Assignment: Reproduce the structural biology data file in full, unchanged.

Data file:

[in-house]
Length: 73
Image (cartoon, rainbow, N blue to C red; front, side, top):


[in-house]
Length: 73
Image (cartoon, rainbow, N blue to C red; front, side, top):